Telegraph regards Wales ‘with contempt and disdain’ says Senedd Member after devolution attack
A Senedd Member has said that the Telegraph newspaper regards Wales “with contempt and disdain” after another article attacking devolution.
Blaenau Gwent MS Alun Davies was responding to an article in the newspaper claiming that the “Covid storm has exposed both the flimsiness and the pettiness of devolved rule across Britain”.
In the article, Madeline Grant said that under devolution Wales had “offered disproportionate influence to many average Joes with little prospect of finding it elsewhere” and that the country had descended into a state “of Pythonesque surrealism”.
“Before the pandemic, few would have registered Mark Drakeford’s existence,” she said. “To all but the most avid political junkies, this mumbling sociology professor turned Welsh Labour leader would have remained, at best, the answer to a pub quiz question.
“But the prospect of emergency has inspired Drakeford and others like him – those whose idea of leadership consists of looking at whatever England is planning, then doing the opposite. They have assessed the situation and see only a welcome opportunity to indulge their puritanical fantasies.”
Alun Davies, a former Cabinet member in the Welsh Government, responded to the article by saying that the newspaper was “talking to itself”.
“Virtually no-one in Wales actually reads this rag,” he said.
“The reality is that they look down on us. They regard us with contempt and disdain. That’s why this nonsense gets commissioned and published. It’s thinly-disguised prejudice.”
Madeline Grant was responding to the decision by Boris Johnson not to introduce tighter restrictions in order to slow the spread of the Omicron variant, which is more transmissible but thought by scientists to be milder than the Delta and Alpha waves.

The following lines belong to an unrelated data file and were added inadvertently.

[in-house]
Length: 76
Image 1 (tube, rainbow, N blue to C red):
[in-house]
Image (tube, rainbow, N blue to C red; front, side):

Meanwhile, Wales, Scotland and Northern Ireland have introduced some restrictions of their own – in Wales’ case, a rule of six at tables in bars and restaurants and a ban on crowds at large sporting events.
Madeline Grant added in her article that devolution “seems to result in similar pettiness, and differentiation for its own sake” and was “almost inherently biased towards failure and authoritarian politics”. While financial costs and the nuances of decision-making are outsourced, political capital accrues at home.
“With luck, these real-time experiments will remind voters at the Westminster polls that Left-wing politics, even when paid for by other people, ends in disaster,” she said. “Devolution has marooned millions of UK citizens with leaders they don’t deserve, but it may prove a gift to Boris Johnson.”
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